Lonely Planet has a well-deserved reputation for producing some of the best and most original travel guides around. Now their Lonely Planet Best in Travel 2011 title is available for free in the iBookstore until June 14.
This guide book looks very good and should be an excellent resource if you’re looking to expand your travel horizons this year. It’s a showcase for Lonely Planet’s choices of all the best cities, regions, and countries to visit in 2011. Here’s a little more detail from their iBookstore description of the book:
Drawing on the knowledge, passion and miles travelled by Lonely Planet’s staff, authors and online community, we present a year’s worth of travel inspiration to take you out of the ordinary and into some unforgettable experiences. • Lonely Planet ranks the top 10 countries, regions and cities to visit in 2011. • The best travel experiences for 2011, from the opening of New York’s September 11 Memorial to flamenco classes in Andalucía • Over 35 events mapped out month by month in the 2011 travel planner.
Just in case you haven’t already seen – and heard – this one yet. It’s by YouTube user palamosteliaro, and here’s his quick description of it:
This is me creating a jam track with apple’s Garageband app for the ipad and then shredding a guitar solo over it! I am sorry about the bad video quality, but i could not find a way to record ipad’s screen in a fast framerate.
Great stuff, and another great example of what you can do on the creation rather than consumption side of things on the iPad.
No doubt a lot of you out there are too young to remember the excitement us Apple watchers felt in the early days when a new iPod commercial came out. There were gasps of “cool!” all over the proto-twitterverse/blogosphere in reaction to the new Indie song that had been chosen to herald the iPod in all its silhouetted glory. Songs like Walkie Talkie Man, Are you gonna be my girl? or Jerk it out enjoyed a nice chart run on Apple’s coattails. Good times. Continue reading →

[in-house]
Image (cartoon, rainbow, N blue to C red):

Really great video – fun and clever and made even more so when you hear about how it was done with the Brushes app for iPad by Shawn Harris, aka Maniac.
Here’s his rundown of how this was created:
I illustrated this video for "Thank Each Mistake" using the Brushes app for iPad. I heard about it through Jorge Colombo’s New Yorker covers, but for me, the best media for this technique wasn’t print, but video! By taking advantage of the actions playback feature, and by using a brushes viewer application for my Mac, I found I could export my painting as a quicktime movie. The app isn’t designed for animation, but the playback feature, which records each brush-stroke as a separate frame, lends itself to a coarse morphy style of stop-motion fingerpainting, if you can manage to be deliberate enough about not lifting your finger from the painting… Thanks also to BLU, whose wall animations helped inspire the technique.
I’ve always thought the recording of strokes within Brushes was a pretty incredible feature, but I’d never seen it put to this sort of use before. Well done Mr. Harris.
PadInTheCity is a new service that lets you rent a 3G iPad while you’re in the city of Madrid, Espana. For around $56 per day they provide a 3G iPad (original rather than iPad 2 I assume) with an unlimited data plan and a stack of good apps for tourists and users in general.
They deliver the iPads to you at your hotel, an airport or agreed location, with a case and charger included, and collect it from you at the end of your stay / rental period. You can reserve your iPad online via Paypal, with a reasonable security deposit.
Musician Ben Powell produced this cover of Cee-Lo Green’s ‘F You’ entirely on an iPad, using a slew of apps and NES video game sounds to mimic the vocals on the song. Here’s the list of apps used in the making of this cover:
Patently Apple has found an Apple patent that indicates Apple may be planning to bring Spaces to the iPad. Spaces is used on Mac laptops and desktops as a workspace-based way of giving frequently used apps their own place and rapidly switching between them.
Originally filed in the third quarter of 2009 and entitled “Device, method, and graphical user interface for manipulating workspace views”, the patent application describes methods for solving cumbersome and inefficient moving of one or more windows between workspaces, or seeing several workspace views simultaneously. Read on for more juicy details…